• The Cub Reporter posted a humorous look at the 2008 season of the Cincinnati Reds now that Dusty Baker is the confirmed manager. I particularly like the entry for October 1st, 2008 (Source)
  • The Hardball Times takes a look at Why the commissioner is allowing the Mitchell Investigation to intrude on the Fall Classic. (Source)
  • MLB Trade Rumors breaks down a little bit about how Type A,B & C free agents are determined. (Source)
  • Ken Rosenthal addresses the issue of Manny Ramirez and his terrible antics. I usually agree with Rosenthal quite often, but when he suggest that the Red Sox trade Manny and sign A-Rod, that lost me. Does he not remember that in the off-season of 2003/2004, the Red Sox placed Manny on waivers and no one claimed him. If he wasn’t claimed for nothing more than a claiming fee of like $50,000, why would someone suddenly have interest in giving up prospects for him? (Source)
  • Our friend over at Cubby-Blue posted a funny cartoon of Lovie Smith that we thought we’d share. Be sure to check out his site more more great artwork a couple times a week. (Source)Every Sunday morning, we’ll highlight some good writing around the web and beyond. Feel free to send me submissions of things you run across, whether it be good YouTube videos, sports related blog posts, or good columns. In addition, this is a good day to submit some of your own writing for posting as a guest post. Send all submissions to:
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    Saturday Morning Coffee Thread

    Saturday, October 20th, 2007

    In game five of the ALCS, Manny Ramirez didn’t slide on an obvious sliding situation in the first inning and then argued a ball that went off the wall instead of taking second base. Are these things just Manny being Manny or are they a disgrace to the game?

    On a side note, I’ve been meaning to mention it, but the following players have become free agents under the minor league free agent rules.

  • Federico Baez, RHP
  • Cory Bailey, RHP
  • Gary Cates, INF
  • Robinson Chirinos, INF
  • Jorge Cortes, OF
  • Koyie Hill, C
  • Ben Howard, RHP
  • Geoff Jones, LHP
  • Josh Kroeger, OF
  • John Nelson, INF
  • Mike Nannini, RHP
  • Mike Mahoney, C
  • Ryan O’Malley, LHP
  • Carlos Rojas, INF
  • Ismael Salas, INF
  • Les Walrond, LHP
  • John Webb, RHP
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    Question for the Day

    Thursday, October 18th, 2007

    Does it frustrate you or encourage you that the Rockies are in the World Series already in their short history? Are you rooting for them or the AL rep?

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    Closure Part 2

    Tuesday, October 16th, 2007

    Each week I will make effort to write a Tuesday column that we have begun to title “Killing Time Until Opening Day.” Then on opening day we will probably need to change the title again. Then if the Cubs are bad we will just go back to the title even if it is mid-season like one of those perpetual calendars. As soon as we deem that the Cubs are out of it we will begin counting time until opening day next year.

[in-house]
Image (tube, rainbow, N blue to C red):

This column will sometimes be about baseball and sometimes not. Sometimes it might not even be about sports. Hopefully, you will find it interesting enough to read and provoking enough to throw in your two cents. This makes things more interesting for everyone. I have noticed that many people read the site while they are presumably at work and keep the discussions going throughout the day. This is good. A bored, laboring community joined together to beat the man.

    I had computer issues at home and so this column is a little short right now and I will extend it throughout the day. Last week I wrote an article entitled “Closure Part 1” which had to do with many of the things that the team did wrong in the playoffs. Next week I want to reflect on how far the team has come or not come in the past year. But the article from last week started what I think could be an interesting discussion and a timely one as well.

    This week the Cincinnati Reds hired Dusty Baker as their new manager. I have heard that there has been a backlash from fans regarding this hiring, I am not sure how true this is. But following my post last week there were some comments that implied that the team still would have gone to the playoffs this year even if Dusty Baker had been their manager instead of Lou Piniella. What do you think about this? Did Lou do anything that Dusty would not have done, aside from being a little more fiery? Would the team still have done as well with Dusty here? Or maybe would they have even done better?

    On another discussion note. Last night I was up late watching the Colorado Rockies celebrate the National League pennant. (Are you like me and know for absolute certainty that if the Cubs can ever do it you will break down sobbing like a little child?) So I was thinking to myself it seems to me that the National League teams that are successful build their teams one way and American league teams that are successful build them a different way. This is probably obvious, although I think there is more meaning to what I am saying than is present on the surface. But I was thinking last night that the Cubs seem to build their team more like an American League team than a National League team. Do you think this is true? Help me flesh this thought out. Why or why not?